Researchers at the Institute for Systems Biology (ISB) and the University of California, Riverside say they have developed a novel technique that provides new insights into cancer biology by allowing researchers to show how fatty acids are absorbed by single cells.
The team published its study (“Single-Cell Profiling of Fatty Acid Uptake Using Surface-Immobilized Dendrimers”) in the Journal of the American Chemical Society.
Fatty acids, along with glucose and amino acids, are a major energy source for cellular growth and proliferation, and abnormal fatty acid metabolism is often seen in cancer. The labs of Wei Wei, PhD, assistant professor at ISB, and Min Xue, PhD, assistant professor at UC Riverside, have been collaborating to develop a series of chemical probes and analytical approaches for quantifying cellular glucose uptake, lactate production, amino acid uptake, and other cancer-related metabolites.
Unlike glucose and amino acids, however, the mechanisms underlying the uptake of fatty acids into cells have been lesser known and difficult to discern. The technical tools for measuring fatty acid uptake at the single-cell level are extremely limited.
“We present a chemical approach to profile fatty acid uptake in single cells. We use azide-modified analogues to probe the fatty acid influx and surface-immobilized dendrimers with dibenzocyclooctyne (DBCO) groups for detection. A competition between the fatty acid probes and BHQ2-azide quencher molecules generates fluorescence signals in a concentration-dependent manner,” write the investigators.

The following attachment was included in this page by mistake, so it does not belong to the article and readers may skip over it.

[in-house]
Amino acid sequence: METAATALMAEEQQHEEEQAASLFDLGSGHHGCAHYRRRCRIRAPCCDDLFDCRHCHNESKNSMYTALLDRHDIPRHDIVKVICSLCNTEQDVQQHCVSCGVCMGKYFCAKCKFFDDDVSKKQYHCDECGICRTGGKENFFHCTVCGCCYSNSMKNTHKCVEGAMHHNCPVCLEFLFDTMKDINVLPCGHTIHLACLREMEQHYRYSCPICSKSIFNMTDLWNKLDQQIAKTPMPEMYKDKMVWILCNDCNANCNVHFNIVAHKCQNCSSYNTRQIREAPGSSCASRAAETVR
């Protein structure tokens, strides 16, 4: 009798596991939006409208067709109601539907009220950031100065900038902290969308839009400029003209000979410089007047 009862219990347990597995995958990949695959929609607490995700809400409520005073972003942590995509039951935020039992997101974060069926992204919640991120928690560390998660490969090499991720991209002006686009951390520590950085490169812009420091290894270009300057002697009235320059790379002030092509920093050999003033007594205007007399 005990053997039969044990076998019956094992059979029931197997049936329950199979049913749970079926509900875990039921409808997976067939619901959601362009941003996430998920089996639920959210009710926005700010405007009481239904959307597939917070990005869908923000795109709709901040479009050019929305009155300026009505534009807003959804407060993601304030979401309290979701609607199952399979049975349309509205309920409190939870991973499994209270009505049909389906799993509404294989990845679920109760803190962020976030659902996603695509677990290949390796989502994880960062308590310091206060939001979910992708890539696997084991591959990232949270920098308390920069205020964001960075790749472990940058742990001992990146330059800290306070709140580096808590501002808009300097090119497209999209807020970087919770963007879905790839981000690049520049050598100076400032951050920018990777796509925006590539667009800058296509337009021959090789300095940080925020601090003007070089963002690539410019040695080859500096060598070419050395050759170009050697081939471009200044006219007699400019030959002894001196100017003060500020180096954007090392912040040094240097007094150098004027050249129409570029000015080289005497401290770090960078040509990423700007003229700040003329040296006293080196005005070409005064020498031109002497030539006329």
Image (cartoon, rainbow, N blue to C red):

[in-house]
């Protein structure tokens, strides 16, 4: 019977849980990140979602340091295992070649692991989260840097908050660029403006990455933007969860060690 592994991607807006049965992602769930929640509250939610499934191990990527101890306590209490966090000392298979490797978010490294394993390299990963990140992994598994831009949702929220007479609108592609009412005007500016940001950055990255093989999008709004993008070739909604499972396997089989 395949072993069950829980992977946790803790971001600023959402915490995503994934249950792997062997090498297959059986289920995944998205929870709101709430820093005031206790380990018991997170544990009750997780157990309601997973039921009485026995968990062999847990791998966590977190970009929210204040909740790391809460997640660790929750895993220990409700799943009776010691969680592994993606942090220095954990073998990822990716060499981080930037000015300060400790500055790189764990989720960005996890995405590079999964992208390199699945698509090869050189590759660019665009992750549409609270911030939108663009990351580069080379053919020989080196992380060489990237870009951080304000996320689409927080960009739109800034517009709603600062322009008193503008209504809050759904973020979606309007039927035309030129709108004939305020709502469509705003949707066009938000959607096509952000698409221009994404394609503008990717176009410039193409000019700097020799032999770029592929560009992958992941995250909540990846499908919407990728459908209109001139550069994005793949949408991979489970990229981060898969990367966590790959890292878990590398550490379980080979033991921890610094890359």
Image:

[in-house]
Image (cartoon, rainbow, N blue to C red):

“By integrating this method onto a microfluidics-based multiplex protein analysis platform, we resolved the relationships between fatty acid influx, oncogenic signaling activities, and cell proliferation in single glioblastoma cells. We found that p70S6K and 4EBP1 differentially correlated with fatty acid uptake. We validated that cotargeting p70S6K and fatty acid metabolism synergistically inhibited cell proliferation.
“Our work provided the first example of studying fatty acid metabolism in the context of protein signaling at single-cell resolution and generated new insights into cancer biology.”
“This work is the first example of profiling fatty acid uptake in conjunction with aberrant protein signaling in cancer cells at single-cell resolution and represents an important advance in the single-cell metabolic assay,” said Wei Wei, co-corresponding author.
To profile the fatty acid uptake, the researchers chose a surrogate molecule that was structurally similar to natural fatty acids. This similarity tricked the cells into taking up these surrogates like the native ones. Then, using a unique dendrimer molecule, the scientists report that they achieved precise quantitation of those surrogates from single cells.
Applying this new single-cell tool to a brain cancer model, the researchers identified that fatty acid uptake was differentially regulated by two downstream effectors of the Mammalian Target of Rapamycin (mTOR), a critical regulator of cell proliferation and protein synthesis. The results revealed a compensatory activation of fatty acid metabolism upon oncogene inhibition or attenuation of glucose metabolism in these brain cancer cells and uncovered a novel combination therapy that targets this bioenergetic flexibility to synergistically block the tumor growth.
“This novel tool opens new avenues for studying how fatty acid metabolism affects biological systems. It has also inspired us to develop more metabolic probes for single-cell analysis,” noted Min Xue, co-corresponding author on the paper.